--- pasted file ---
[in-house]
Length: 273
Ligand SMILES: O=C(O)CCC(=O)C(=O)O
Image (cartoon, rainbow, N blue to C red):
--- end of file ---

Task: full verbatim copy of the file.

[in-house]
Length: 273
Ligand SMILES: O=C(O)CCC(=O)C(=O)O
Image (cartoon, rainbow, N blue to C red):